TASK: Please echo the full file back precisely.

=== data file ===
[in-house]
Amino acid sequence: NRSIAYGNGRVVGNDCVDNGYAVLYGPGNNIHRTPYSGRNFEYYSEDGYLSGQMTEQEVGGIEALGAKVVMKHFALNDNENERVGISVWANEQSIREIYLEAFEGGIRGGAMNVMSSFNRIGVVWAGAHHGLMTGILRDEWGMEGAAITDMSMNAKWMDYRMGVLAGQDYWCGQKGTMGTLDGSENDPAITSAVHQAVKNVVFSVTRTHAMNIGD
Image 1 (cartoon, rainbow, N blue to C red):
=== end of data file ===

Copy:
[in-house]
Amino acid sequence: NRSIAYGNGRVVGNDCVDNGYAVLYGPGNNIHRTPYSGRNFEYYSEDGYLSGQMTEQEVGGIEALGAKVVMKHFALNDNENERVGISVWANEQSIREIYLEAFEGGIRGGAMNVMSSFNRIGVVWAGAHHGLMTGILRDEWGMEGAAITDMSMNAKWMDYRMGVLAGQDYWCGQKGTMGTLDGSENDPAITSAVHQAVKNVVFSVTRTHAMNIGD
Image 1 (cartoon, rainbow, N blue to C red):